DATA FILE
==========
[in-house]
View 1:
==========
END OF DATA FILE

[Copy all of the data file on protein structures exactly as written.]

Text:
[in-house]
View 1: